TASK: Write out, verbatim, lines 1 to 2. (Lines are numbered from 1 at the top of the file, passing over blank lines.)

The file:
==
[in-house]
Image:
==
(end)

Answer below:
[in-house]
Image: